The Apprentice Model for Teaching Art
Fred Hagstrom on Studio Art Research and TeachingWe spoke on applying the apprenticeship model to Carleton teaching. We feel that (in some disciplines) students have little contact with faculty research. Many of us rush to do our own work during break periods, and then don't make a direct connection between that work and our teaching. Students can come to see us as teachers, rather than as practitioners. We discussed a variety of ways that we hope to deepen the connection between our work and our teaching, both during the school year as well as over summer. Some of this would depend upon funding. We admire the model that has served the sciences so well at Carleton. We would like to move in that direction ourselves, and we also think that this could apply to other departments across the College.
Steven Mohring on the Apprenticeship ModelThe practice of artmaking in the studio - I think this is true for all studio disciplines, but here hopefully made clear by the work sculpture and woodworking students -- is tightly liked to a material dexterity not at all unlike the trades we are familiar with - sculpture engages carpentry skills, welding skills, often electrical, sometimes plumbing.
Here are some examples of the work from our students. As an introduction let me make clear that in my class, materials are open once skill acquisition has begun (as students begin to learn about steel they can use it) but they are not forced to use any specific material. As a result, as you can see, in sculpture and woodworking a large number of materials and skills are used.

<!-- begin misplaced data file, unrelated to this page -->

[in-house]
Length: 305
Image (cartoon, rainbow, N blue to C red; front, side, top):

Many teachers, have had the benefit of active interaction with a graduate advisor working on a research problem along with them. We were wondering if there may be a way to merge the essence of that educational system with the trade apprentice system and make it work for artistic investigations in the studio class.
I started to learn how to build things in school but I only gained control of my media from my education in the trades. In that way my dexterity with materials was often disengaged from my formal artistic training.
But we believe it would be wonderful to have the time with and attention from an instructor who is given the time to be working on the same artistic problems along with the students, so the students can witness the problem solving on the fly in the teachers work, as well as the teacher problem solving for the students in the class.